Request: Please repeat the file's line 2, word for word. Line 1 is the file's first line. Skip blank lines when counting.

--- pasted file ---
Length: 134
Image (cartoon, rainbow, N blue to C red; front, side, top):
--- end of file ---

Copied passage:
Image (cartoon, rainbow, N blue to C red; front, side, top):